The University Record, April 30, 1996

Job sharing works for two counselors at CEW

Doreen Murasky (left) and Lisa Tulin-Silver told participants at a workshop last week how to sell job-sharing to employers. The alternative to 40-hour weeks can actually save employers money, they note.

Photo by Bob Kalmbach

By Diane Swanbrow
News and Information Services

When Doreen Murasky and Lisa Tulin-Silver saw the job posting for a senior counselor at the Center for the Education of Women (CEW), they realized that this was the opportunity they had both been waiting for. The two women did not compete for the job, however. Instead, they put together a formal proposal to share the job with each other. The job as posted was for an 80-percent position, but neither woman wanted to work four full days a week. Two days would be perfect, allowing them to keep up private counseling practices, devote time to their families and even carve out a few hours a week for their own personal needs.

It didn't take long for them to convince the Center's administrators that two heads were better than one. They have been job-sharing since September, and the arrangement is working fine. "There's an increasing interest here at the University in flexible work arrangements," says Sue Kaufmann, CEW's associate director, "and job-sharing is part of that movement."

Pointing out the advantages of job-sharing to employers is crucial, Tulin-Silver and Murasky emphasized at the April 25 brown-bag presentation. Employers not only get twice the job experience and skills, they also are able to schedule coverage during extended work hours, to achieve continuity if one job-share employee is absent, and to retain valuable employees whose family obligations or other considerations make it impossible for them to work full-time.

What interests employers most may be the bottom line. Tulin-Silver presented several case analyses showing that, depending on the situation, an employer's direct and indirect costs associated with job-sharing range from slightly more to substantially less. "We think we are a bargain," she added.

If two current employees share a $30,000-a-year position, each cutting back to 50 percent time, employers will pay only $160.97 more---the amount of additional unemployment insurance. In the case of a senior employee earning $30,000 who phases into retirement by cutting back to half-time and shares the job with a junior employee who makes $10,500 rather than $15,000, the employer actually saves $5,320.40.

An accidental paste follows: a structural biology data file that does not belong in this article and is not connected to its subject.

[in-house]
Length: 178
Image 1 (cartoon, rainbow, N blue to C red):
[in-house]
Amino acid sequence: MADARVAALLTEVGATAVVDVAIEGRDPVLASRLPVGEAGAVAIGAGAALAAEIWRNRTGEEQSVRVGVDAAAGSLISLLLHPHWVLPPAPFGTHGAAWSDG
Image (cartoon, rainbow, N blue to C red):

"If you pair an experienced employee with an inexperienced one," said Tulin-Silver, "you get two employees for less than the price of one."

"A detailed cost analysis of a job-share between a senior employee and a new hire lights up the eyes of managers," added Murasky.

Tulin-Silver and Murasky also described the disadvantages of job-sharing from the employer's perspective. Employers may incur one-time administrative overhead and training costs if at least one of the job-sharers is a new hire. They may incur the expense of providing extra office space and equipment for two people if the job-sharers will be working some overlapping hours. But in most cases, the presenters emphasized, the advantages of job-sharing outweigh the drawbacks, for employers as well as employees.

One of the women attending the presentation, the mother of an infant, noted that she was the only woman with a child in her department. Working full-time, even in a field she loved, while caring for her first child was proving to be more difficult than she anticipated. She wasn't ready yet to broach the subject with her supervisors, but Tulin-Silver and Murasky said they would welcome her call when she wanted more information.

Another attendee, a U-M manager who was pregnant with her first child, hoped job-sharing would offer a creative solution to what she could already see would be an exhausting juggling act. "If you have ambition and energy, can you still get ahead by working only 20 to 30 hours a week?" she asked. Tulin-Silver and Murasky both assured her it should indeed be possible as job-sharing and other flexible work arrangements become more common at the University.